“Don’t be in a hurry to condemn because he doesn’t do what you do or think as you think or as fast. There was a time when you didn’t know what you know today.”
– Malcolm X – American Muslim minister and a human rights activist
My previous three blogs on conversations with a CIO have prompted a number of comments about CIO culture, language and location. Various readers responded with comments such as, “we are different here in Spain, France, etc.” Others commented on relationship barriers due to language and/or culture differences. In addition, there were a variety of sweeping uninformed statements making stereotypical assumptions about differences in how European CIOs behave and make decisions – things like Southern European CIOs tend to be late to meetings and gesticulate excessively, whilst Northern European CIOs tend to speak English (over and above their native language) and are exceedingly punctual with no strict hierarchies between employees and management. And of course the British are unique with their stiff-upper lip conservative nature, structured and methodical at all times.
How easy it is to stereotype people when you don’t bother to understand them – and worse, to act on those stereotypes.
Consequently, it occurred to me that CIOs across the globe fundamentally have two perspectives to their profession – first (and most important) a responsibility to their organisation, and second how their organisation interacts within its local geographic culture and idiosyncrasies.
Take, for instance, three key business priorities a UK CIOs might have:
- Improving business processes (including business intelligence)
- Operational efficiencies (keeping the lights on)
- Better engagement with customers (iincluding social media exploitation)
Obviously a CIO in France would say:
- L’amélioration des processus métier (inclut l’analyse de l’information)
- L’efficacité opérationnelle (maintenir les opérations sous contrôle )
- Un meilleur engagement avec les clients (inclut l’utilisation des réseaux sociaux)
Whilst a CIO in Italy would say:
- Migliorare i processi aziendali (inc intelligenza di affari )
- Efficienza operativa ( Tenere le luci accese )
- Meglior impegno con i clienti (inc sfruttamento social media)
You get the point – the words are different but their meaning is really the same – see the Russian, German, Spanish, Norwegian examples in the diagram.
I would argue that there is no real difference in these business priorities across most organisations – the variance is purely in its execution within the culture and geographical dynamics in which the CIO lives. At the core within corporate cultures are business leadership, enterprise strategy, management philosophy, organisational brand and reputation. To ensure that these business priorities are achieved within their culture, the CIO needs deliver these priorities in the most effective and relevant way, being cognizant and empathic to their staff and customers, and respecting their processes and values – like any good manager would do.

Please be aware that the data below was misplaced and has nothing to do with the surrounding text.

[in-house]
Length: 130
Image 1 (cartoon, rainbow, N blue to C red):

Hence when talking to a CIO from Denmark, find out the style of communication with which they are comfortable, don’t assume for instance that they want to interact in English. Then within the context of the Danes (a tolerant democratic society which tends to value an informal equilateral approach to meetings, giving everyone present the ability to participate), run your interactions to fit their needs.
Whilst in Spain for instance, the first step may be simply selecting a language. From a business perspective they probably understand English, but are more comfortable with Spanish. But which Spanish – Basque, Castilian, Catalan, Galician, etc.? Within this culture it is essential to build social interactions shaped upon trust, clarity, honesty and a no-nonsense approach to delivery – your word is your bond.
Across all cultures, languages, geographies, no matter what one’s colour, race, religion, ethnicity, etc., every CIO – every person – wants to be valued and respected. As I discuss in my previous blogs in this series, building a relationship with a CIO requires the willingness to listen and understand their business world. Adapting your style of interaction to the culture within which you are working will assist in establishing the necessary rapport and build trust. The arrogant touristic assumption that when visiting somewhere the locals will speak your language, understand your own cultural idiosyncrasies, want to interact with you, want your money, understand you, will not fly when dealing with a European CIO. If you start your interaction full of stereotyped assumptions, how are you going to empathise? How are you going to gain trust? Why would the CIO want to even interact with you?
It is not always about the actual language you speak (Spanish, French, etc. although of course it can help). It is about how you understand and empathise with regional differences; ensuring that you provide business value to the CIO by understanding their business and business issues. Knowing and understanding the different cultural aspects of business style and etiquette is essential to building personal and professional business relationships. Respecting, accepting and embracing cultural differences will make those relationships rewarding and long-lasting.